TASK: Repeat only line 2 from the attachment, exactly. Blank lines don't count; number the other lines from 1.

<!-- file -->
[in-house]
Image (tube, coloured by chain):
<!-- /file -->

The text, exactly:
Image (tube, coloured by chain):